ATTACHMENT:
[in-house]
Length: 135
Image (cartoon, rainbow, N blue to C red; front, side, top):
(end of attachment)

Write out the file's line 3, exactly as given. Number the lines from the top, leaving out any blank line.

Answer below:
Image (cartoon, rainbow, N blue to C red; front, side, top):